Data analysis and predictive analytics can support national and international responses to ebola.
One of the primary ways at present is by verifying and extrapolating the currently exponential growth of ebola in affected areas – especially in Monrovia, the capital of Liberia, as well as Sierra Leone, Guinea, Nigeria, and the Democratic Republic of the Congo.
At this point, given data from the World Health Organization (WHO) and other agencies, predictive modeling can be as simple as in the following two charts, developed from the data compiled (and documented) in the Wikipedia site.
The first charts datapoints from the end of the months of May through August of this year.
The second chart extrapolates an exponential fit to these cases, shown in the lines in the above figure, by month through December 2014.
So by the end of this year, if this epidemic courses unchecked, without the major public health investments necessary in terms of hospital beds, supplies, medical and supporting personnel, including military or police forces to maintain public order in some of the worst-hit areas – there will be nearly 80,000 cases and approximately 30,000 deaths, by this simple extrapolation.
A slightly more sophisticated analysis by Geert Barentsen, utilizing data within calendar months as well, concludes that currently Ebola cases have a doubling time of 29 days.
One possibly positive aspect of these projections is the death rate declines from around 60 to 40 percent, from May through December 2014.
However, if the epidemic continues through 2015 at this rate, the projections suggest there will be more than 300 million cases.
World Health Organization (WHO) estimates released the first week of September indicate nearly 2,400 deaths. Total numbers of cases from the same period in early September is 4,846. So the projections are on track so far.
And, if you wish, you can validate these crude data analytics with reference to modeling using the classic compartment approach and other more advanced setups. See, for example, Disease modelers project a rapidly rising toll from Ebola or the recent New York Times article.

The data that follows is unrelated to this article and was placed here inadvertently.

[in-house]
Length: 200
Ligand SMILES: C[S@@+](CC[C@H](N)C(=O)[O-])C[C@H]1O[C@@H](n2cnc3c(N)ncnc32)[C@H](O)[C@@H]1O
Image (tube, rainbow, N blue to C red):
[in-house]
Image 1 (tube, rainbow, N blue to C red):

There have been advanced modeling efforts at discovering the possibilities of transmission of Ebola through persons traveling by air to other affected areas.
As a data and forecasting analyst, I am not specially equipped to comment on the conditions which make transmission of this disease particularly dangerous. But I think, to some extent, it’s not rocket science.
Crowded conditions in many African cities, low educational attainment, poverty, poor medical infrastructure, rapid population growth – all these factors contribute to the high basic reproductive number of the disease in this outbreak. And, if the numbers of cases increase toward 100,000, the probability that some of the affected individuals will travel elsewhere grows, particularly when efforts to quarantine areas seem heavy-handed and, given little understanding of modern disease models in the affected populations, possibly suspicious.
There is a growing response from agencies and places as widely ranging as the Gates Foundation and Cuba, but what I read is that a military-type operation will be necessary to bring the epidemic under control. I suppose this means command-and-control centers must be established, set procedures must be implemented when cases are identified, adequate field hospitals need to be established, enough medical personnel must be deployed, and so forth. And if there are potential vaccines, these probably will be expensive to administer in early stages.
These thoughts are suggested by the numbers. So far, the numbers speak for themselves.